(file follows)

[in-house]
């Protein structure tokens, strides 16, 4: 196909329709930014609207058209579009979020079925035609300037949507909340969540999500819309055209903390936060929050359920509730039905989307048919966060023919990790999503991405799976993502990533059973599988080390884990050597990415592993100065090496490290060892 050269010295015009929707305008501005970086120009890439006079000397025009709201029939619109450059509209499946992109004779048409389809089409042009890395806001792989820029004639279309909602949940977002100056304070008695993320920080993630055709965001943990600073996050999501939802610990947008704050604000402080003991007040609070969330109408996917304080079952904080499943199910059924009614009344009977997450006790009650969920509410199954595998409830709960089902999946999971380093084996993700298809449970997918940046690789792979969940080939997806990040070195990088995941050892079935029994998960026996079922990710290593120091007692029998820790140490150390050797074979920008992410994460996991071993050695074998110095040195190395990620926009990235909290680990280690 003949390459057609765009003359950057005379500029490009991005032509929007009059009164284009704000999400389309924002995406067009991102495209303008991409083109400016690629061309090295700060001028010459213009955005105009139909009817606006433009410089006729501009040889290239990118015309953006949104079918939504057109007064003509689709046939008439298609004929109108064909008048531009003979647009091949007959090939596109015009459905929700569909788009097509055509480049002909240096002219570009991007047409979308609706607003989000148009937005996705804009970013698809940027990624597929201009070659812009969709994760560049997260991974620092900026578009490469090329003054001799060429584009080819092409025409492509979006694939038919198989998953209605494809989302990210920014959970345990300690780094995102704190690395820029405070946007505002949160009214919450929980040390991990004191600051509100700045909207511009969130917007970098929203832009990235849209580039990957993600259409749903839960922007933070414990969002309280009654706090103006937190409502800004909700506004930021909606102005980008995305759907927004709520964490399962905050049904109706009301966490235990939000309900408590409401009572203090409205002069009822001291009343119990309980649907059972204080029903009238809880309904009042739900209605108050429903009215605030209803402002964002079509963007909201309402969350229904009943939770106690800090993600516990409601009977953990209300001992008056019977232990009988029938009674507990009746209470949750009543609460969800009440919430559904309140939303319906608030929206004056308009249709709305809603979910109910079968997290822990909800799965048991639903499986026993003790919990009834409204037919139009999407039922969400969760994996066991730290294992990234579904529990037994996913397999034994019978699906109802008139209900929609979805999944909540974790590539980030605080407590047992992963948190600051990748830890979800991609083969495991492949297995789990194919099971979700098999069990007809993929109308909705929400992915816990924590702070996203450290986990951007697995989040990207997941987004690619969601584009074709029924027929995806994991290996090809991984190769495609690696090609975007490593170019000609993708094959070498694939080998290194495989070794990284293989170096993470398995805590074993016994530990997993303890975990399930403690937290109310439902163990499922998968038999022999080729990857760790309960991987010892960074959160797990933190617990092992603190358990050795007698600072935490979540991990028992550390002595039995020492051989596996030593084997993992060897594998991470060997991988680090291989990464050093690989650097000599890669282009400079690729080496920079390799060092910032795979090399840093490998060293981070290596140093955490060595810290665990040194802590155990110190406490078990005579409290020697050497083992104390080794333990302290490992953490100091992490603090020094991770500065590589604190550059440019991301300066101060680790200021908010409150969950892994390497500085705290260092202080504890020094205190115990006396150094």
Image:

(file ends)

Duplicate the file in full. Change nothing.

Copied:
[in-house]
């Protein structure tokens, strides 16, 4: 196909329709930014609207058209579009979020079925035609300037949507909340969540999500819309055209903390936060929050359920509730039905989307048919966060023919990790999503991405799976993502990533059973599988080390884990050597990415592993100065090496490290060892 050269010295015009929707305008501005970086120009890439006079000397025009709201029939619109450059509209499946992109004779048409389809089409042009890395806001792989820029004639279309909602949940977002100056304070008695993320920080993630055709965001943990600073996050999501939802610990947008704050604000402080003991007040609070969330109408996917304080079952904080499943199910059924009614009344009977997450006790009650969920509410199954595998409830709960089902999946999971380093084996993700298809449970997918940046690789792979969940080939997806990040070195990088995941050892079935029994998960026996079922990710290593120091007692029998820790140490150390050797074979920008992410994460996991071993050695074998110095040195190395990620926009990235909290680990280690 003949390459057609765009003359950057005379500029490009991005032509929007009059009164284009704000999400389309924002995406067009991102495209303008991409083109400016690629061309090295700060001028010459213009955005105009139909009817606006433009410089006729501009040889290239990118015309953006949104079918939504057109007064003509689709046939008439298609004929109108064909008048531009003979647009091949007959090939596109015009459905929700569909788009097509055509480049002909240096002219570009991007047409979308609706607003989000148009937005996705804009970013698809940027990624597929201009070659812009969709994760560049997260991974620092900026578009490469090329003054001799060429584009080819092409025409492509979006694939038919198989998953209605494809989302990210920014959970345990300690780094995102704190690395820029405070946007505002949160009214919450929980040390991990004191600051509100700045909207511009969130917007970098929203832009990235849209580039990957993600259409749903839960922007933070414990969002309280009654706090103006937190409502800004909700506004930021909606102005980008995305759907927004709520964490399962905050049904109706009301966490235990939000309900408590409401009572203090409205002069009822001291009343119990309980649907059972204080029903009238809880309904009042739900209605108050429903009215605030209803402002964002079509963007909201309402969350229904009943939770106690800090993600516990409601009977953990209300001992008056019977232990009988029938009674507990009746209470949750009543609460969800009440919430559904309140939303319906608030929206004056308009249709709305809603979910109910079968997290822990909800799965048991639903499986026993003790919990009834409204037919139009999407039922969400969760994996066991730290294992990234579904529990037994996913397999034994019978699906109802008139209900929609979805999944909540974790590539980030605080407590047992992963948190600051990748830890979800991609083969495991492949297995789990194919099971979700098999069990007809993929109308909705929400992915816990924590702070996203450290986990951007697995989040990207997941987004690619969601584009074709029924027929995806994991290996090809991984190769495609690696090609975007490593170019000609993708094959070498694939080998290194495989070794990284293989170096993470398995805590074993016994530990997993303890975990399930403690937290109310439902163990499922998968038999022999080729990857760790309960991987010892960074959160797990933190617990092992603190358990050795007698600072935490979540991990028992550390002595039995020492051989596996030593084997993992060897594998991470060997991988680090291989990464050093690989650097000599890669282009400079690729080496920079390799060092910032795979090399840093490998060293981070290596140093955490060595810290665990040194802590155990110190406490078990005579409290020697050497083992104390080794333990302290490992953490100091992490603090020094991770500065590589604190550059440019991301300066101060680790200021908010409150969950892994390497500085705290260092202080504890020094205190115990006396150094």
Image: